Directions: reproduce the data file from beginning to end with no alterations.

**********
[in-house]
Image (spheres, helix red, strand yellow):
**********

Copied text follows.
[in-house]
Image (spheres, helix red, strand yellow):